Duodenum-Jejunal Bypass Liners

Latest devices that help control the blood sugar levels as well as lose weight.

Duodenum-Jejunal Bypass Liners

Obesity and its related comorbidities such as diabetes mellitus (diabesity) have become a significant worldwide problem. Obese individuals tend to show a strong relationship between their body mass index and diabetes. Although an array of treatment options are available, including oral medications and insulin injections, they are associated with adverse effects in the long run. Moreover, these treatments only control the blood sugar levels but don’t help in reducing weight.

  • Implantable devices +

    Among the latest techniques available, implantation of devices such as duodenal jejunal bypass liner can address the needs of the diabesity population worldwide. They don’t require surgery and doesn’t alter the anatomy of the gut. The duodenal jejunal bypass liner forms a physical barrier between the ingested food and the duodenum/first part of the jejunum. The duodenal jejunal bypass liners include devices such as Endobarrier.

    Endobarrier is a long ultrathin flexible tube (60 cm) with a crown-like bulb at its tip. The implantation of the device in the duodenal/proximal jejunum part of the small bowel prevents the digestion of the ingested food in this area. Thereby, the absorption of nutrients occurs in the distal end of the jejunum.

  • Who is eligible for duodenum-jejunal bypass liners? +

    The procedure is used for the following individuals:

    • Obese individuals with poorly control diabetes or are not fit
      for surgery
    • Severely obese individuals, before performing the surgery for weight loss
    • Patients requiring other surgeries, to help control the blood sugar
  • Before procedure +

    The following measures should be taken before performing the procedure:

    Diet: The patients have to follow a liquid diet for at least one week before the date of the implant. The purpose is to facilitate a clear view during endoscopy for implanting the device.

    Medications: Protein pump inhibitors can be prescribed three days before the procedure.

    Imaging: The upper gastrointestinal tract is examined using an endoscope to ensure individuals' suitability and to find any defects such as peptic ulcer device, as it may prevent the implantation of the device.

  • During procedure +

    The patient is usually sedated before starting the procedure.

    The procedure begins by introducing an endoscope through the mouth into the small bowel (duodenum). The endoscope places a guidewire as distally as possible into the duodenum. Now, a capsule containing the device is threaded onto the guidewire and placed in the pylorus (opening of the stomach into the duodenum). The capsule is positioned in such a way that the lower end sits in the duodenal bulb (the distal end of pylorus). Then the guidewire is removed and the device is released from the capsule.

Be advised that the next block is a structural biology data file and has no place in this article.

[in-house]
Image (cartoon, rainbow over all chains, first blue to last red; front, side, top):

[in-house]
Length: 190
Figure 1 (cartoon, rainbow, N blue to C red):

The crown-like bulb gets anchored with the help of barbs in the opening of the duodenal bulb and the rest of the tube runs down into the duodenum. Now, a water-soluble contrast dye is injected and viewed fluoroscopically to confirm the positioning of the device.

    The procedure takes nearly an hour to complete and the patient is discharged on the same day. The device can be removed or replaced, within a year depending on the patient’s health status.

  • After procedure +

    After the procedure, a liquid diet is advised for about two weeks to minimize the risk of obstructing the liner with the food. Also, medications such as proton pump inhibitors should be continued until the device is removed to minimize bleeding. The common side effects after implanting the device include abdominal pain and nausea. But these symptoms usually resolve on its own and don’t require treatment. Rare complications include gastro bleeding and device migration.

    A follow up is necessary until a year or up to the period of the removal or replacement of the device. This helps monitor the improvement in the health status of the individual and also predict the appropriate time for the removal of the device.

  • Understanding the mechanism +

    After the device is implanted, the undigested food bypasses the duodenum/proximal jejunum region. However, the digestive juices of this area will mix with the food in the distal end of the jejunum. This helps in reducing the number of nutrients absorbed and also results in the increase of a hormone called glucagon-like peptide (GLP-1). GLP-1 stimulates the secretion of insulin and also inhibits glucagon, thus reducing the blood sugar levels in an obese person. The hormone also acts on the brain and increases satiety that helps to reduce weight.

  • What a patient can expect? +

    The procedure of implanting the device is safe and feasible. Also, reimplantation of the device after six months or a year helps in additional weight loss and improvement of type 2 diabetes. The other advantages of implantation of duodenal-jejunal bypass liners can be summarized as follows:

    • It can be performed without administering general anesthesia.
    • It is performed as an outpatient treatment.
    • It is performed without any incisions.
    • It helps with moderate weight loss and control of blood sugar levels by increasing satiety.
    • The devices are easily removable and replaceable.





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